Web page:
# 5.3 Graphs of polynomial functions  (Page 8/13)

 Page 8 / 13

Access the following online resource for additional instruction and practice with graphing polynomial functions.

## Key concepts

• Polynomial functions of degree 2 or more are smooth, continuous functions. See [link] .
• To find the zeros of a polynomial function, if it can be factored, factor the function and set each factor equal to zero. See [link] , [link] , and [link] .
• Another way to find the $\text{\hspace{0.17em}}x\text{-}$ intercepts of a polynomial function is to graph the function and identify the points at which the graph crosses the $\text{\hspace{0.17em}}x\text{-}$ axis. See [link] .
• The multiplicity of a zero determines how the graph behaves at the $\text{\hspace{0.17em}}x\text{-}$ intercepts. See [link] .
• The graph of a polynomial will cross the horizontal axis at a zero with odd multiplicity.
• The graph of a polynomial will touch the horizontal axis at a zero with even multiplicity.
• The end behavior of a polynomial function depends on the leading term.
• The graph of a polynomial function changes direction at its turning points.
• A polynomial function of degree $\text{\hspace{0.17em}}n\text{\hspace{0.17em}}$ has at most $\text{\hspace{0.17em}}n-1\text{\hspace{0.17em}}$ turning points. See [link] .
• To graph polynomial functions, find the zeros and their multiplicities, determine the end behavior, and ensure that the final graph has at most $\text{\hspace{0.17em}}n-1\text{\hspace{0.17em}}$ turning points. See [link] and [link] .
• Graphing a polynomial function helps to estimate local and global extremas. See [link] .
• The Intermediate Value Theorem tells us that if have opposite signs, then there exists at least one value $\text{\hspace{0.17em}}c\text{\hspace{0.17em}}$ between $\text{\hspace{0.17em}}a\text{\hspace{0.17em}}$ and $\text{\hspace{0.17em}}b\text{\hspace{0.17em}}$ for which $\text{\hspace{0.17em}}f\left(c\right)=0.\text{\hspace{0.17em}}$ See [link] .

## Verbal

What is the difference between an $\text{\hspace{0.17em}}x\text{-}$ intercept and a zero of a polynomial function $\text{\hspace{0.17em}}f?\text{\hspace{0.17em}}$

The $\text{\hspace{0.17em}}x\text{-}$ intercept is where the graph of the function crosses the $\text{\hspace{0.17em}}x\text{-}$ axis, and the zero of the function is the input value for which $\text{\hspace{0.17em}}f\left(x\right)=0.$

If a polynomial function of degree $\text{\hspace{0.17em}}n\text{\hspace{0.17em}}$ has $\text{\hspace{0.17em}}n\text{\hspace{0.17em}}$ distinct zeros, what do you know about the graph of the function?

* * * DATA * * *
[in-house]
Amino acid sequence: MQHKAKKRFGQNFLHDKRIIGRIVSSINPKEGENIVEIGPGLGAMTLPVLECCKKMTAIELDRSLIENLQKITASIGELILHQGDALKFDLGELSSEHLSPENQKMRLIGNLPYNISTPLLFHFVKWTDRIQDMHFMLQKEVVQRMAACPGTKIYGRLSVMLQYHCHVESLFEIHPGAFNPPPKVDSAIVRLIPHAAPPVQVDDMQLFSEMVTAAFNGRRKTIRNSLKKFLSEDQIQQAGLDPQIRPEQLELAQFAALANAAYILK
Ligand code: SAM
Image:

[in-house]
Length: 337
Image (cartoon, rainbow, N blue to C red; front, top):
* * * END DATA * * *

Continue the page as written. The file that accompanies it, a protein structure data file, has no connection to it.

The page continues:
Explain how the Intermediate Value Theorem can assist us in finding a zero of a function.

If we evaluate the function at $\text{\hspace{0.17em}}a\text{\hspace{0.17em}}$ and at $\text{\hspace{0.17em}}b\text{\hspace{0.17em}}$ and the sign of the function value changes, then we know a zero exists between $\text{\hspace{0.17em}}a\text{\hspace{0.17em}}$ and $\text{\hspace{0.17em}}b.$

Explain how the factored form of the polynomial helps us in graphing it.

If the graph of a polynomial just touches the x -axis and then changes direction, what can we conclude about the factored form of the polynomial?

There will be a factor raised to an even power.

## Algebraic

For the following exercises, find the $\text{\hspace{0.17em}}x\text{-}$ or t -intercepts of the polynomial functions.

$\text{\hspace{0.17em}}C\left(t\right)=2\left(t-4\right)\left(t+1\right)\left(t-6\right)$

$\text{\hspace{0.17em}}C\left(t\right)=3\left(t+2\right)\left(t-3\right)\left(t+5\right)$

$\left(-2,0\right),\left(3,0\right),\left(-5,0\right)$

$\text{\hspace{0.17em}}C\left(t\right)=4t{\left(t-2\right)}^{2}\left(t+1\right)$

$\text{\hspace{0.17em}}C\left(t\right)=2t\left(t-3\right){\left(t+1\right)}^{2}$

$\text{\hspace{0.17em}}\left(3,0\right),\left(-1,0\right),\left(0,0\right)$

$\text{\hspace{0.17em}}C\left(t\right)=2{t}^{4}-8{t}^{3}+6{t}^{2}$

$\text{\hspace{0.17em}}C\left(t\right)=4{t}^{4}+12{t}^{3}-40{t}^{2}$

$\text{\hspace{0.17em}}f\left(x\right)={x}^{4}-{x}^{2}$

$\text{\hspace{0.17em}}f\left(x\right)={x}^{3}+{x}^{2}-20x$

$f\left(x\right)={x}^{3}+6{x}^{2}-7x$

$f\left(x\right)={x}^{3}+{x}^{2}-4x-4$

$f\left(x\right)={x}^{3}+2{x}^{2}-9x-18$

$f\left(x\right)=2{x}^{3}-{x}^{2}-8x+4$

$\left(-2,0\right),\text{\hspace{0.17em}}\left(2,0\right),\text{\hspace{0.17em}}\left(\frac{1}{2},0\right)$

$f\left(x\right)={x}^{6}-7{x}^{3}-8$

$f\left(x\right)=2{x}^{4}+6{x}^{2}-8$

$f\left(x\right)={x}^{3}-3{x}^{2}-x+3$

$f\left(x\right)={x}^{6}-2{x}^{4}-3{x}^{2}$

$\left(0,0\right),\text{\hspace{0.17em}}\left(\sqrt{3},0\right),\text{\hspace{0.17em}}\left(-\sqrt{3},0\right)$

$f\left(x\right)={x}^{6}-3{x}^{4}-4{x}^{2}$

$f\left(x\right)={x}^{5}-5{x}^{3}+4x$

For the following exercises, use the Intermediate Value Theorem to confirm that the given polynomial has at least one zero within the given interval.

$f\left(x\right)={x}^{3}-9x,\text{\hspace{0.17em}}$ between $\text{\hspace{0.17em}}x=-4\text{\hspace{0.17em}}$ and $\text{\hspace{0.17em}}x=-2.$

$f\left(x\right)={x}^{3}-9x,\text{\hspace{0.17em}}$ between $\text{\hspace{0.17em}}x=2\text{\hspace{0.17em}}$ and $\text{\hspace{0.17em}}x=4.$

$f\left(2\right)=–10\text{\hspace{0.17em}}$ and $\text{\hspace{0.17em}}f\left(4\right)=28.$ Sign change confirms.

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